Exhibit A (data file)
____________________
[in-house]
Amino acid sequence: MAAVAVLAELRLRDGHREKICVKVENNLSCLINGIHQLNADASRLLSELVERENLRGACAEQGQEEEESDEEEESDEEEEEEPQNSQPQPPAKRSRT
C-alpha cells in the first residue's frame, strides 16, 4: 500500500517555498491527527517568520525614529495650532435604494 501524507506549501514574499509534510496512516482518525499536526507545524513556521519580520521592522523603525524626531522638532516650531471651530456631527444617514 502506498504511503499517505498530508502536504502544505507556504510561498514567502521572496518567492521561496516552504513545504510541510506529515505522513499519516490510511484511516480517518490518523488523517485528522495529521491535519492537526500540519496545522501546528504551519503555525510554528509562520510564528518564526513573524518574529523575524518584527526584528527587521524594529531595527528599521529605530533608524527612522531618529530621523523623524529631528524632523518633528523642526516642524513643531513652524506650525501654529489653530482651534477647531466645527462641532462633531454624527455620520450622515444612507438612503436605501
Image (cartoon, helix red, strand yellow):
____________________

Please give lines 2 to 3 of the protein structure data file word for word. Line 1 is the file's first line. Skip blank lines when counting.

Amino acid sequence: MAAVAVLAELRLRDGHREKICVKVENNLSCLINGIHQLNADASRLLSELVERENLRGACAEQGQEEEESDEEEESDEEEEEEPQNSQPQPPAKRSRT
C-alpha cells in the first residue's frame, strides 16, 4: 500500500517555498491527527517568520525614529495650532435604494 501524507506549501514574499509534510496512516482518525499536526507545524513556521519580520521592522523603525524626531522638532516650531471651530456631527444617514 502506498504511503499517505498530508502536504502544505507556504510561498514567502521572496518567492521561496516552504513545504510541510506529515505522513499519516490510511484511516480517518490518523488523517485528522495529521491535519492537526500540519496545522501546528504551519503555525510554528509562520510564528518564526513573524518574529523575524518584527526584528527587521524594529531595527528599521529605530533608524527612522531618529530621523523623524529631528524632523518633528523642526516642524513643531513652524506650525501654529489653530482651534477647531466645527462641532462633531454624527455620520450622515444612507438612503436605501